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New Local Laws in New York City for more solar

New Local Laws in New York City for more solar

New Local Laws in New York City for more solar

Two new Local Laws require solar systems on the roofs

New York City buildings are supposed to have more solar systems on the roofs and the city is supposed to become greener. Thanks to two local laws that came into force in November, solar panels will be obligatory on the roofs of new buildings in the future.

Two new Local Laws for greener buildings

Two new laws will provide for more solar panels in New York City. Since November 15, 2019, owners of new buildings must install green areas on the roofs, install a solar system, or a combination of both. Since last month, new applications for building projects have to comply with Local Law 92 and Local Law 94.
Also alteration projects with a vertical or horizontal extension or renewal of a roof are affected.

New York City is therefore committed to protecting the environment. The move towards more solar energy is extremely important in this context. Currently, 70 percent of the greenhous gas emissions in New York City come from building emissions but he goal is to be carbon neutral by 2050.

Solar Laws help NYC be carbon neutral by 2050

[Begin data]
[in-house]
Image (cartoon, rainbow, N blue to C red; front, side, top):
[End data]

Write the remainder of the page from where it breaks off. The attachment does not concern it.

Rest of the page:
Buildings Commissioner Melanie E. La Rocca and Deputy Mayor Laura Anglin are pleased, as newspapers report. Likewise environmental activist Pete Sikora from the local nonprofit organization New York Community for Change. Nevertheless, he argues that 90 percent of square footage to be built in the city by 2050 has already been initiated or built, and so the laws do not have to be applied to it. Instead, he suggests that not only new but also existing buildings should be affected.

The two laws, Local Law 92 and Local Law 94, are part of the Climate Mobilization Act (CMA). This Act was enacted by City Council in April 2019 as part of the Mayor’s New York City Green New Deal and OneNYC 2050 plan.

In the state of California, solar systems have recently become mandatory on new buildings. Read more here. In the state of New York, New York City is making the start. Will the state follow?